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Monday, 06 August 2012

Cambodian Center for Study and Development in Agriculture (CEDAC), a Cambodian agricultural organisation, will collect US$20 million from the Kingdom’s farmers through 2022 in an attempt to accumulate capital for organic rice production.

The funds will be collected without a collaborating partner or foreign donors, a move that is hoped will build unity and confidence among the Kingdom’s farming community, CEDAC President Yang Saing Koma said.

“We want to show that the farmers can combine capital, that they can do this. But it’s not easy. It needs time. Nothing like this has existed before. We think we can do it,” he said. Organic farming practices are taking hold in many parts of the county, farmers reported. CEDAC techniques have become increasingly prevalent as a means to make a living.


Thursday, 02 August 2012

Kampot pepper producer Anna Him had been growing the prized spice for about eight years before she decided to take the plunge and export it herself two years ago.
In 2010 Kampot’s pepper was given protected geographical indication status (GI), a similar certification that gives Greece the right to market its cheese as ‘feta’ and the Champagne region in France the rights to call their sparkling wine ‘champagne’.

Demand for Cambodia’s unique commodity surged and for the first time Kampot’s pepper producers were preparing export orders for peppercorns before they had been harvested.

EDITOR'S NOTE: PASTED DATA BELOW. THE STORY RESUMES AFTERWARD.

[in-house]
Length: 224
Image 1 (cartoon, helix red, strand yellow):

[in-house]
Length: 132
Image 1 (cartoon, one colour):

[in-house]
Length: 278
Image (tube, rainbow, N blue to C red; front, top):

Tuesday, 31 July 2012

Cashew nut exports increased more than 10-fold, to 4,231 tonnes, in the first half of the year compared to the same period in 2011 when Cambodia exported 392 tonnes, according to data released by the Ministry of Commerce.

The price of the cashew nuts dropped about US$450 from $1,137 per tonne in 2011, to $685 per tonne for 2012. This year’s revenues were $2,898,806 compared to last year’s of $444,669.

Kong Putheara, the director of the Statistics and Information Department, said that cashew nuts grown in Cambodia were absorbed by the Vietnamese market for processing for export or to return to Cambodia.

The huge increase in exports indicates the large demand for Cambodian agricultural products remained high, while some other products were affected by the euro zone debt crisis, he said.


Thursday, 19 July 2012

Cambodia will push to finalise a rice-exporting bloc with four other regional countries by the end of the year in a bid to become the world’s “food basket”, according to the Ministry Of Commerce.

The group of countries including Cambodia, Vietnam, Thailand, Laos and Myanmar – and known as the Association of Milled Rice Exporting Countries – would also look to become a counterbalance to Organization of the Petroleum Exporting Countries (OPEC).

The concept of the association had been put forward by Prime Minister Hun Sen and Thailand’s ousted Prime Minister Thakshin Shinawatra about five years ago. “The five countries will be the world’s food supplier – what we could call the food basket of the world,” said Minister of Commerce Cham Prasidh. “We would be able to supply the whole world. We would not increase prices but try to find a way to facilitate trade with [other countries].”


Tuesday, 17 July 2012

When London-based real estate investor Sanjay Dhir heard about Cambodia from his Indian partner Manoj Varma, he took a trip here in October 2010 and stopped by the roadside to meet the operators of a portable rice mill.

He knew then that Cambodia was ready for new rice mills. After working with his partners for the last year and a half, Long Grain Co Ltd announced the deal last week for a $20 million investment in a new rice mill in the Oddong district, about 40 kilometres from Phnom Penh. “When you have been through many crises in various countries, trends and fashion changes, you learn one thing: people have got to eat,” Dhir said.